Local buckling behaviour and design of cold-formed steel compression members at elevated temperatures
Lee, Jung Hoon (2004) Local buckling behaviour and design of cold-formed steel compression members at elevated temperatures. PhD thesis, Queensland University of Technology.
The importance of fire safety design has been realised due to the ever increasing loss of properties and lives caused by structural failures during fires. In recognition of the importance of fire safety design, extensive research has been undertaken in the field of fire safety of buildings and structures especially over the last couple of decades. In the same period, the development of fire safety engineering principles has brought significant reduction to the cost of fire protection. However the past fire research on steel structures has been limited to heavier, hot-rolled structural steel members and thus the structural behaviour of light gauge cold-formed steel members under fire conditions is not well understood. Since cold-formed steel structures have been commonly used for numerous applications and their use has increased rapidly in the last decade, the fire safety of cold-formed steel structural members has become an important issue. The current design standards for steel structures have simply included a list of reduction factors for the yield strength and elasticity modulus of hot-rolled steels without any detailed design procedures. It is not known whether these reduction factors are applicable to the commonly used thin, high strength steels in Australia. Further, the local buckling effects dominate the structural behaviour of light gauge cold-formed steel members. Therefore an extensive research program was undertaken at the Queensland University of Technology to investigate the local buckling behaviour of light gauge cold-formed steel compression members under simulated fire conditions.
The first phase of this research program included 189 tensile coupon tests including three steel grades and six thicknesses to obtain the accurate yield strength and elasticity modulus values at elevated temperatures because the deterioration of the mechanical properties is the major parameter in the structural design under fire conditions. The results obtained from the tensile tests were used to predict the ultimate strength of cold-formed steel members. An appropriate stress-strain model was also developed by considering the inelastic mechanical characteristics.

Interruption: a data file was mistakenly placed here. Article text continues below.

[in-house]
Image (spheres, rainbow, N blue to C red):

The second phase of this research was based on a series of more than 120 laboratory experiments and corresponding numerical analyses on cold-formed steel compression members to investigate the local bucking behaviour of the unstiffened flange elements, stiffened web elements and stiffened web and flange elements at elevated temperatures up to 800°C. The conventional effective design rules were first simply modified considering the reduced mechanical properties obtained from the tensile coupon tests and their adequacy was studied using the experimental and numerical results. It was found that the simply modified effective width design rules were adequate for low strength steel members and yet was not adequate for high strength cold-formed steel members due to the severe reduction of the ultimate strength in the post buckling strength range and the severe reduction ratio of the elasticity modulus to the yield strength at elevated temperatures. Due to the inadequacy of the current design rules, the theoretical, semi-empirical and empirical effective width design rules were developed to accurately predict the ultimate strength of cold-formed steel compression members subject to local buckling effects at elevated temperatures. The accuracy of these new design methods was verified by comparing their predictions with a variety of experimental and numerical results.
This thesis presents the details of extensive experimental and numerical studies undertaken in this research program and the results including comparison with simply modified effective width design rules. It also describes the advanced finite element models of cold-formed steel compression members developed in this research including the appropriate mechanical properties, initial imperfections, residual stresses and other significant factors. Finally, it presents the details of the new design methods proposed for the cold-formed steel compression members subject to local buckling effects at elevated temperatures.
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|Item Type:||QUT Thesis (PhD)|
|Keywords:||Cold-formed steel compression members, light gauge high strength steels, elevated temperatures, axial compression strength, reduced yield strength, reduced elasticity modulus, stress-strain model, unstiffened element, stiffened element, local buckling interaction, fire safety design, local buckling, effective width, local buckling stress, buckling coefficient, simulated fire test, finite element analysis.|
|Divisions:||Past > QUT Faculties & Divisions > Faculty of Built Environment and Engineering|
|Department:||Faculty of Built Environment and Engineering|
|Institution:||Queensland University of Technology|
|Copyright Owner:||Copyright Jung Hoon Lee|
|Deposited On:||03 Dec 2008 03:54|
|Last Modified:||28 Oct 2011 19:41|
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